REVIEW: Mira Lyn Kelly’s WAKING UP PREGNANT, Or “Love With the Proper Stranger”

Miss Bates loves the 1963 film, Love With the Proper Stranger, Angie Rossini and Rocky Papasano’s one-night-stand story (Wood and McQueen are wonderful). Angie lives with her widowed mother and brothers and is constrained by their control over her life. In an act of rebellion, she sleeps with Rocky and thereafter realizes she’s pregnant. Angie seeks Rocky to ask for help to pay for an abortion and he agrees. They spend several days together making arrangements. Two things happen: the day of, in a place sordid and frightening, Rocky stops Angie from going through with the abortion; and, Angie and Rocky reluctantly grow to know and like one another. There’s no insta-love. Rocky begrudgingly asks her to marry. Angie refuses and, yes, he has a hard time with that. It spurs his interest, however. (Another aspect to the film that is interesting is how Rocky and Angie want to escape the stifling atmosphere of their overly protective but strong-on-the-family-loyalty Italian-American clans.) The film ends with Angie’s “upper hand.” The possibility of an HEA is there, but not the surety. Angie is vindicated. Miss Bates loved Angie: determined to forge a life for herself, uncompromising in her desire for love and independence, resolved to marry on her terms, not her family’s or Rocky’s, or not marry at all. She is fearless and glowingly beautiful mama material, this Macy’s shop-girl barely scraping a living.

More Than One NightMiss Bates suspects that Mira Lyn Kelly aimed for the same effect in Waking Up Pregnant. Unlike the 1963 film, the 2014 novel doesn’t manage this as successfully. Miss Bates enjoyed reading it, thought it well-written, with innocuously sympathetic leads; however, its ethos was conventional and she couldn’t help comparing it, and it coming up short, to a film over 50 years old. It is a novel with a situation similar to that of Sarah Mayberry’s More Than One Night, which is not a Mayberry novel that received the attention it deserved, but Miss Bates liked it very MUCH. Kelly makes all the right noises for her heroine, Darcy, wanting independence and finding herself pregnant after a one-night stand; at least initially, makes her hero, Jeff, if not reluctant, then gobsmacked. But what’s most interesting about Stranger’s Rocky and One Night’s Rhys is their reluctance for insta-love for the heroine. They’re responsible and decent, but Waking Up Pregnantman, this is not where they want to be. The development of how they end up wanting to be there, as dads and husbands, is so much more believable and natural than the utterly-smitten-I’m-all-in-all-the-time Jeff. Romance novels are to a certain extent, yes, fantasies and Jeff’s sheer goodness, sexiness, and emotional open-ness are attractive, just not terribly compelling. It’s not as much fun when the hero doesn’t have far to fall (do check out Stranger‘s Rocky and his near-clownish antics at the end). Darcy too is an etiolated version of the Amazonian Angie. She pays lip-service to a “feisty” independence, but never enacts it. What does Waking Up Pregnant have going for it? Continue reading to find out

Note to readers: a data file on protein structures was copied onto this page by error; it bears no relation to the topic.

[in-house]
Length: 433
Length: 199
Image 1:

REVIEW: Jayne Fresina’s MISS MOLLY ROBBINS DESIGNS A SEDUCTION, Or Hoisted on Your Own Bobbin

Miss Molly Robbins Designs A SeductionMiss Bates loves a cross-class romance.  Indeed, it is one of her most frequently-used review tags!  Obviously, it is a trope that “works” better in historical fiction, but if The Great Gatsby is anything to go by and it is, then it has potential for contemporary romance.  In historical romance, however, Miss Bates’s (and many other romance reviewers much wiser and more widely romance-read than she) favourite cross-class romances are Elizabeth Hoyt’s Raven and Leopard Princes.  Miss Bates’s recent cross-class romance read was Jayne Fresina’s Miss Molly Robbins Designs A Seduction.  Fresina’s effort has similarities to Hoyt’s, but not their mastery, the weakest link being the cross-class element.  The ease with which this historical given is overcome puts the novel on the fluffy-wish-fulfillment shelf.  On the scale of MissBatesian goodness of romance reading, it is middling.  On the other hand, it is humourous and well-written and offers a likeable hero and heroine. Continue reading